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The Daring Duke (The 1797 Club 1) by Jess Michaels (1)

Prologue

 

 

Spring 1797

James Rylon stiffened as he watched his father stride across the lawn at Braxton Academy toward him and his two best friends. His heart began to race, he felt the blood drain from his face. The once monthly visits from the Duke of Abernathe were something he dreaded immensely.

“He always looks so cross,” James’s best friend Graham muttered.

James swallowed, trying hard not to allow his fear to enter his face. At fourteen, he didn’t like showing that kind of weakness, even to his best friends. “He is always cross,” he whispered.

His other best friend, Simon, shook his head. “Makes me appreciate my own father a bit more. He mostly just ignores me.”

James bit his tongue, unwilling to say what was on his mind. Unwilling to let a crack enter his voice when he admitted that his own father despised him.

The Duke of Abernathe reached them at last and scowled at his son. “Pulham.”

James flinched. Since he was ten, his father had insisted on calling him by his courtesy title. But he wasn’t the Earl of Pulham. He was James. His sister called him James. When his mother was sober enough to be awake, she called him James. All his friends and teachers called him James.

The title felt like a yoke his father put around his neck. A weight he could hardly bear with his skinny body.

“Father,” he responded.

His father reared back and slapped James across the face hard enough that for a moment James saw stars before his eyes. He couldn’t hold back a humiliating gasp of pain as he jerked his hand up to cover his stinging cheek.

“You shall call me Your Grace or Abernathe, or at minimum, sir.” His father shook his head. “You are far too old for this Father nonsense.”

James jerked out a nod. “Y-yes, Your Grace.”

The duke quickly glanced at his friends, and James did the same. Simon had turned his face and was staring intently at a spot far off in the distance. Graham, on the other hand, was standing ramrod straight, hands fisted at his sides, glaring at James’s father. And being the only one who had begun to grow into a man’s body, it was a rather intimidating sight.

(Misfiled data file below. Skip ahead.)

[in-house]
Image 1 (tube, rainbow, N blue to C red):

But Abernathe only chuckled at the challenge in the other boy’s stare. “Mind yourself, boy. You’re not a duke yet.” He turned his attention back to his son. “Come, Pulham. Walk with me.”

James swallowed past the lump in his throat and did so, stepping into line beside his father as they took their monthly turn around the garden behind Braxton Academy. As always, his father did not ask after him or his studies. He simply barked out questions, ones about the House of Lords, ones about managing estates, ones about title. And, as usual, James stammered answers, most of them wrong, while his father screamed and threatened.

When the customary quarter of an hour visit was over, Abernathe stopped in his tracks and turned to look down at James.

“You are hopeless,” his father said with a shake of his head. “Not all my sons were failures. A shame the one who will take my title is. Good day, Pulham.”

He turned on his heel then and walked away without so much as a backward glance. James stared after him, his chest brewing with a combination of rage and heartache and guilt. Tears stung his eyes and he bent at the waist, breathing shallowly as he tried to fight them. Fight the weakness. Make it go away.

The bell at the door was being rung, signaling the time had come to cease in sport and exercise and return to classes. James let out a pained grunt. He had to go back. He’d have to face all the others in his classes, his teachers. They would see this weakness. The one he usually hid with good humor and playfulness.

The weakness that rotted him out from the inside where no one could see.

“James?”

He tensed, straightening at the mention of his name. He turned to find Simon and Graham standing a few feet away. He wiped at his eyes, heat filling his cheeks that they’d seen him in such a state.

“What?” he barked, much louder and more urgently than he should have.

Simon stared at him a long moment, then came up and slung an arm around James’s shoulder. “Come on. Let’s sneak off to the creek.”

Graham’s face lit up. “Oh yes, let’s do! I don’t want to go listen to Old Comey drone on and on about figures for the next hour and a half. I’d much rather fish.”

James nodded. “All right.”

They began to walk away from the school, through the garden, over a low spot in the wall that enclosed it and out into the countryside that surrounded Braxton Academy. They had been walking for over five minutes before anyone spoke.

“Why is he so cruel to you?” Graham asked.